Tech | July 30, 2020 12:01 pm

What We Learned From the Congressional Hearings Against Big Tech

The House launched a bipartisan attack on Google, Apple, Facebook and Amazon

Mark Zuckerberg on video conference
Facebook CEO Mark Zuckerberg testifying before Congress on Wednesday.
Mandel Ngan-Pool/Getty Images

Turns out the only thing uniting us is a distrust of big tech companies.

At Wednesday’s antitrust hearings, House lawmakers on both sides questioned and cornered the CEOs of Facebook, Google, Amazon and Apple. Admittedly, the criticisms were divided by party, as Democrats concentrated on anti-competitive practices while Republicans concentrated on an anti-conservative bias. As well, the proceedings took on a slightly surreal atmosphere, as tech heads Mark Zuckerberg, Sundar Pichai, Jeff Bezos and Tim Cook were all grilled via teleconference.

“As gatekeepers to the digital economy, these platforms enjoy the power to pick winners and losers, shake down small businesses and enrich themselves while choking off competitors,” said Rep. David Cicilline (D – RI) and chairman of the House Judiciary Committee’s antitrust subcommittee, in regards to criticisms that large tech companies buy up and stifle startups. In one exchange, Mark Zuckerberg was asked about Facebook’s 2012 acquisition of Instagram, where internal emails had suggested the sale as a strategy to take out a competitor.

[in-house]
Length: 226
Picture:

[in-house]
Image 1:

Amazon also faced questions regarding counterfeit goods, using data on third-party sellers to create and sell their competing goods. Apple was subject to concerns about its App Store and the advantage of its own in-house apps. A target for Facebook was content moderation. And then there was Google, which seemed to take the brunt of the criticism. The search giant was questioned for stealing content, its relationship with China and a bias against conservative voices (in which Pichai responded, “There are more conservative voices than ever before” on the Google-owned YouTube) … as well as whatever this strange “bigoted, anti-police” accusation was.

As The New York Times suggested, Congress can’t break up these companies and is limited by current antitrust laws to do much of anything. But as Axios noted, “Representatives succeeded in wringing some surprising admissions from the executives about how they wield their market power, providing ammunition for regulators now conducting investigations — and possibly a spur for Congress to strengthen antitrust law for the digital era.”

And The Interface found the grilling “heartening.” As Casey Newton posited: “For the first time in half a century, Congress is taking its role as antitrust regulator seriously, and has undertaken a 13-month investigation that has so far produced 1.3 million documents laden with evidence. Members of the subcommittee have largely come to believe, as I do, that tech companies have grown too powerful and are in need of regulation. Wednesday offered them a chance to show us what they have found so far — and to hint at where they might be going next.”

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